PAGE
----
FEW PEOPLE HAVE seen Rajkummar Rao’s six-and-a-half- minute long acting showreel from his FTII (Film and Television Institute of India) days. It’s available online and he seems a bit embarrassed about it, but if you watch closely, you can spot the making of a seriously good actor. “I got too serious too soon in life,” he now says, looking back at the time when he decided acting is all he wanted to do.
Rushing for the airport after a hectic round of interviews for his latest film Behen Hogi Teri, Rao asks if we can chat in his car. En route, he stops at home to pick up an extra pair of shoes and a jacket, almost at the cost of missing his flight. “Actually, what I’m wearing are branded clothes for promotions. I’d rather travel in my own clothes,” he says. It is peak traffic time in Mumbai and there’s less than an hour for check-in to close. He suggests a different route. The driver is not pleased, but agrees. “Okay, let’s chat,” Rao says, finally, settling into his comfortable car.
Despite the frenzy and rush, his face glows. It is clear that he is enjoying the demands of his life. “I’m a workaholic,” he proudly confesses. At 32, he’s seven- years-and-20-films old in the industry and seems like he’s just starting off. “I asked to be an actor. Ever since I was in Class VIII, that’s all I asked for. All the things that come with it are just extra. And I’m very grateful for it,” says Rao, who is the only actor of his kind in Hindi cinema today. He could be your brother’s shy best friend, the neighbour who is mostly jobless, that dashing college professor, a lover boy who is too romantic to be taken seriously, a recluse who is on the brink of a breakthrough—the possibilities are endless.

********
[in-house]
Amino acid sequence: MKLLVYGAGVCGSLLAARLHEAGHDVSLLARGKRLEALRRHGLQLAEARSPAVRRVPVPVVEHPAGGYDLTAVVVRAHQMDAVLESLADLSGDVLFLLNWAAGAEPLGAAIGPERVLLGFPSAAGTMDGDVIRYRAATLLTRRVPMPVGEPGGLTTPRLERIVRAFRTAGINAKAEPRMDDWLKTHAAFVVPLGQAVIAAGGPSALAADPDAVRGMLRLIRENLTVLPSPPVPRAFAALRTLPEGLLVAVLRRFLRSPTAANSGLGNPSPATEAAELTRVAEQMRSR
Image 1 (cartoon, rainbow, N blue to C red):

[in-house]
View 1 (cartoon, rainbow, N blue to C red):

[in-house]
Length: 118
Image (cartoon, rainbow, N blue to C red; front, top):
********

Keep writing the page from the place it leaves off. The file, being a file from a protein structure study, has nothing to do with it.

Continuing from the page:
He doesn’t look the like the conventional Hindi film hero and neither does he behave like one. He isn’t larger than life, and he doesn’t wish to be either. He isn’t like the Ranbir Kapoors and Ranveer Singhs of his generation, and neither is he a Nawazuddin Siddiqui or an Irrfan Khan. Within a few years Rao has made a name for himself as an actor who isn’t only dependable, but who can also surprise the hell out of you every time he’s on screen. With his debut, LSD: Love, Sex Aur Dhokha (2010), he stood out in a film that broke many cinematic boundaries.
“It may seem like there’s too much on my plate too soon, but I’ve been thinking about my life as an actor ever since I can remember. There isn’t any one moment of realisation, but as a kid growing up in Gurgaon, this is all I wanted to do,” he says. His father, a government servant, and his homemaker mother were happy to support him, as long as he was doing what he loved. “I grew up in a joint family with uncles, aunts, cousins, all under one roof. But I’d always be out either performing a dance show on stage, or training in martial arts, or rehearsing a play. From the very beginning, I was curious to get out there and explore the world, there was this constant itch in me, which I don’t think will ever die,” says Rao.
When he was young, he often watched his mother struggle to meet everyday expenses. He was determined to provide for his family, so that they could have a better life. Today he even provides for the education of his nieces.